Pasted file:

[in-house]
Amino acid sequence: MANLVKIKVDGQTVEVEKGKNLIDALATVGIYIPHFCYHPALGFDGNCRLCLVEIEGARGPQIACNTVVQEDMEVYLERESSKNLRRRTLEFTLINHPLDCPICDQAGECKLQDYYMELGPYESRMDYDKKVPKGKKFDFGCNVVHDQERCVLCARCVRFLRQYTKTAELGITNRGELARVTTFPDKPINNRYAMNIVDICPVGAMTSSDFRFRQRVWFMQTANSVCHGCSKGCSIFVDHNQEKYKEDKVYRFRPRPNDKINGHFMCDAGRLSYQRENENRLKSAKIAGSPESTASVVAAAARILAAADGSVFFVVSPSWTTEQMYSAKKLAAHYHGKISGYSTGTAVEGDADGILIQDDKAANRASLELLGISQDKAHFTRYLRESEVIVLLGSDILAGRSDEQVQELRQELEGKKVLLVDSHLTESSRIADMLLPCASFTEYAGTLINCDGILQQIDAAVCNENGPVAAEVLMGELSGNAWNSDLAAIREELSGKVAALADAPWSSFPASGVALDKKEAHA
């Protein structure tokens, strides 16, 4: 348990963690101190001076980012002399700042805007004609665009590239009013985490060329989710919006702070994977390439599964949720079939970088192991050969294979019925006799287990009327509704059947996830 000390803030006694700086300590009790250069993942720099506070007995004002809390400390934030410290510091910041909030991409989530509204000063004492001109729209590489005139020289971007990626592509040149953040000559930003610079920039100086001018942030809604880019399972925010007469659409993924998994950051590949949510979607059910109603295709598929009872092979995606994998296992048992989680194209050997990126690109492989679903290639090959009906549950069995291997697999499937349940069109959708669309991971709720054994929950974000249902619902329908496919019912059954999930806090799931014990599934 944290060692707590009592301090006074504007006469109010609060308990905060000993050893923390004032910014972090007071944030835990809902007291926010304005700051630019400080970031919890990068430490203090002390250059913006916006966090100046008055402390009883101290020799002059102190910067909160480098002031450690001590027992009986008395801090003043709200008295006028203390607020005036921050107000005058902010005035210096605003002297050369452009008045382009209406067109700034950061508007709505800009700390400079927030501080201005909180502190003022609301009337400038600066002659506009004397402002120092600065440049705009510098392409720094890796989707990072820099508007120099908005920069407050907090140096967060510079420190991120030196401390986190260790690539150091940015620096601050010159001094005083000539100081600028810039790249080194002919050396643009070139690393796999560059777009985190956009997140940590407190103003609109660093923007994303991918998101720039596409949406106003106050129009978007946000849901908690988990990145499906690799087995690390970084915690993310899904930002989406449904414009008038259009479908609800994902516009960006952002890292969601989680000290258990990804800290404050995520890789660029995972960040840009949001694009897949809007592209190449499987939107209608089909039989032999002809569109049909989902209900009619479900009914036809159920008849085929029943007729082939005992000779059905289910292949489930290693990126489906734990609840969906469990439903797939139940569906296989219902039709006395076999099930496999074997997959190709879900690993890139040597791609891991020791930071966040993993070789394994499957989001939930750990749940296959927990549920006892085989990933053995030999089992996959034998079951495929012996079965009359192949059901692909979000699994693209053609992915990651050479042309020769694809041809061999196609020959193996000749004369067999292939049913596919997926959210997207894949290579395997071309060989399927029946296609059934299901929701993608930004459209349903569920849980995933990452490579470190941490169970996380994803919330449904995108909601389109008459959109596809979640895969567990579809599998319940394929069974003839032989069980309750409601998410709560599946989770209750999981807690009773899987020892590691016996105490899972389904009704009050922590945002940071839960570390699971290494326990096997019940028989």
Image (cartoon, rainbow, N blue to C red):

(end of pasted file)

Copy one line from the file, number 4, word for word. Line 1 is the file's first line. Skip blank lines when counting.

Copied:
Image (cartoon, rainbow, N blue to C red):